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Don't be afraid of all grain...a guide for beginners

All grain brewing is a lot like driving a stick shift car…it’s hard as hell until you can do it, then it’s easy.

I just read a post "A beginners guide for beginners " (nice post btw) and it prompted me to write this up for those afraid to take the next step. I have done tons of research and I have compiled a fairly simple formula for all grain beer making. I have only made two AG batches (1 last weekend and 1 last night, so both still in fermentor) but last night went so smoothly I almost felt like I did an extract.

a little about me —I started brewing mid september (not even 3 months ago) from a Mr. Beer kit. American Classic light. It turned out well and I now have 3 Mr. Beer LBK’s. I stumbled across NB and was directed toward their 1 gallon kits. I got 2 kits of Caribou Slobber and 2 of BarleyWine so I made 2 galls each. CS turned out freakin awesome (never really a fan of brown ale’s but this stuff is great), BW still conditioning. I decided I like making small batches because: *I can brew inside on a rainy Tuesday night if I want, *not quite as expensive to get into, *I could fit 8 fermentors in my converted freezer if I wanted - though I typically have just two, *much greater variety of beer, *speeds up the learning curve (the more you brew the more you learn), *I don’t want 5 gallons of any one beer - - I wanna drink something different as often as possible. (in only 3 months I have a hefe, dubbel, BW, Pale Ale, Brown ale, Quad, Tripel, and an IPA either drunk, fermenting or bottle conditioning). Anyway, I took the plunge last weekend and went AG. It was FUN! :evil: and am a little concerned about the beer being ruined, but oh well…that’s why I started with a $13 beer.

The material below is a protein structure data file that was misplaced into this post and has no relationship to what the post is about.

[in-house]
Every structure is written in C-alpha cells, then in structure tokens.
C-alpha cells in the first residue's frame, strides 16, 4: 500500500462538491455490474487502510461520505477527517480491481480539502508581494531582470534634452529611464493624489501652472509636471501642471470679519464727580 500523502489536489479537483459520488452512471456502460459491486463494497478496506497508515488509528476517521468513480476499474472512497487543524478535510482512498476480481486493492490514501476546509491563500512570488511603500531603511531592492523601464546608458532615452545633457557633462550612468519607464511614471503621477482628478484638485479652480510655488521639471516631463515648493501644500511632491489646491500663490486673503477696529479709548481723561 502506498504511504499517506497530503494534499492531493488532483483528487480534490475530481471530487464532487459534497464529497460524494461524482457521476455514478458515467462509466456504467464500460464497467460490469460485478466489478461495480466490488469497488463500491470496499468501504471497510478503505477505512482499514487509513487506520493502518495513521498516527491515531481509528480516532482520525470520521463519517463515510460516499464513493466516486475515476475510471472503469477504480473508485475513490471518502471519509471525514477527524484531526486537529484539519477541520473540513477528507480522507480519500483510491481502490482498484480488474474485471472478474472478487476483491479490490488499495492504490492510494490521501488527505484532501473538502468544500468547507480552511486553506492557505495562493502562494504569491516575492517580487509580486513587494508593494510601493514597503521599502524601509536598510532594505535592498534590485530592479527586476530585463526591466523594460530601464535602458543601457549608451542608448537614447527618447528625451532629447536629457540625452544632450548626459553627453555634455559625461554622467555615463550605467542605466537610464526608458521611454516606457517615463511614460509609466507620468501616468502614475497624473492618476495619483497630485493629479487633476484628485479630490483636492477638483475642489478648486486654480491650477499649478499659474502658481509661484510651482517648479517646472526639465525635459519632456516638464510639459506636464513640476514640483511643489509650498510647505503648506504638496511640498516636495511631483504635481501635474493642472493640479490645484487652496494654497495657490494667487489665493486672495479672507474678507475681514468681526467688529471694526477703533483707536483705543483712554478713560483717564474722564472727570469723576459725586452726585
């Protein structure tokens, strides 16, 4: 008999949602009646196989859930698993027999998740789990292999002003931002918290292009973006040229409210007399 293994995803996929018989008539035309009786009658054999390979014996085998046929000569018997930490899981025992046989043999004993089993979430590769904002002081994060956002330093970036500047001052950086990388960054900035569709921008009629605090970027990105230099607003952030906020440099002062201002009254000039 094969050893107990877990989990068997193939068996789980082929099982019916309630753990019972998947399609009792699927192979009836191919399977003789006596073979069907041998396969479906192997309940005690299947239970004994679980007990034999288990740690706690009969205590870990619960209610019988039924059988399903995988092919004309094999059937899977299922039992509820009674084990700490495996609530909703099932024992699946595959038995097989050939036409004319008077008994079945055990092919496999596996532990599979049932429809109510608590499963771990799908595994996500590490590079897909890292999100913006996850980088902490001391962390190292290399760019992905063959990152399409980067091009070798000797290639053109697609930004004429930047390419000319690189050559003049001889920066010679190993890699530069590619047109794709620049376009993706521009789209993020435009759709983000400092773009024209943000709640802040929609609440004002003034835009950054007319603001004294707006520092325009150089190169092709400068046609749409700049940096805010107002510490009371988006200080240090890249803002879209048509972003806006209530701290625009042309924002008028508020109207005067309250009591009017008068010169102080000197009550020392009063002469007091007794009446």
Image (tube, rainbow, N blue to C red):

Anyway, I’ll post some things I’ve learned then show my step by step that goes with every recipe.

1 - this forum is awesome - i wouldn’t be making beer without it!
2 - use online calculators! I use them for batch priming, yeast pitching, water/sparge calculator
3 - you can re-pitch yeast. That takes $6 off the price of the ingredients right there. (4 or 5 repitches anyway)
4 - Patience!!! I can not say this enough. I had a buddy that brewed a pale ale and when he tasted it, he said it tasted streile. He poured it out - all 5 gallons (about $60). He saved 2 bottles for me cause I paid for 1/2 of it. I drank one after sitting it in the closet for 6 weeks…it was awesome. BE PATIENT!
5 - You can do this on a budget or spend thousands, you can make good beer either way. I went Budget+ route.
5.1 - yes, 2.5 gallons will fit in an LBK but i recommend using a blowoff tube for high abv beers.
5.2 - your local home brew store (LHBS) will happily convert any recipe to any size you need.
6 - table sugar (sucrose) is all you need :cheers:
7 - a good homebrew <-----(that YOU made) is better than a great commercial beer!